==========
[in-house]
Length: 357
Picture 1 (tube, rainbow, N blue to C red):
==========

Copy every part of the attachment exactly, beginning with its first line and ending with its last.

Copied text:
[in-house]
Length: 357
Picture 1 (tube, rainbow, N blue to C red):